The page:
Like those in many African countries, Nigeria’s prisons are severely overcrowded. This is due in large part to the glacial slowness with which cases proceed through the courts. It’s not common for prisoners to spend so much time awaiting trial that they’ve already exceeded the maximum possible sentence for their offense before their case is ever heard.
In Nigeria, judge Ishaq Usman Bello is confronting this issue. He’s leading a presidential commission on prison decongestion, and makes a point of regularly visiting the prisons in his jurisdiction so he doesn’t lose touch with the conditions there. The Guardian notes that his interventions have personally freed over 3800 prisoners, or about 5% of Nigeria’s entire population.
As the article notes,
Remand inmates make up about 69% of Nigeria’s prison population. While this is not high compared to many western countries, the length of time they spend awaiting trial is. In prisons where this data is available, most defendants have been on remand for between one and four years, some for more than a decade.
“In Rivers State, 14 people were awaiting trial for 15 years. Not one day were they taken to court,” Justice Bello told the Guardian, shaking his head. “We had to release them.”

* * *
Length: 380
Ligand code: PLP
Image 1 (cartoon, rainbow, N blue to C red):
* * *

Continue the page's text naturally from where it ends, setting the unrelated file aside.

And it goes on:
Because there is no systematic way to monitor cases, defendants may simply be forgotten in prison. Data collected by the legal aid organisation, Network of University Legal Aid Institutions, shows that there are more than 160 cases where defendants have not been assigned a date for their next trial. “Some of them last attended court in 2017,” the network’s Charissa Kabir told me.
If you’re in Nairobi on Saturday, February 15, stop by the launch of the Mothers of Victims and Survivors network at the Mathare Social Justice Centre from 10 am – 1 pm. They’re asking for attendance as an act of solidarity. The office is next to Olympic petrol station on Juja Road, Mathare.
Life isn’t easy anywhere in the DRC, least of all in its prisons. Some snapshots of Makala Prison, the largest detention center in Kinshasa:
The prison currently houses 8600 inmates in a space designed for 1500 (source)
Only 500 inmates have been convicted, while the rest are in pre-trial detention due to the exceptionally slow movement of the judicial system (source)
Most prisoners are fed by their families. Eleven prisoners who presumably lacked family support recently starved to death after the government stopped providing food or medication from October 2019 – January 2020 (source)
In 2017, over 4200 inmates escaped in the country’s largest-ever prison break (source)
A number of inmates were granted presidential clemency at the end of 2018, but 80% of them opted to remain in at the prison because they would have been homeless if they left (source)
Welcome to the latest edition of Africa Update! We’ve got the competitive rollerbladers of eastern DRC, the Nairobi governor’s prison break, African women on boards, the health threats of kids’ facepaint in Uganda, and more.
Here’s the latest edition of Africa Update. We’ve got a new metro system in Abidjan, culinary imperialism in Kenya, plans to refill Lake Chad with a giant canal, how hospitals in Malawi are getting men to do more housework, and more.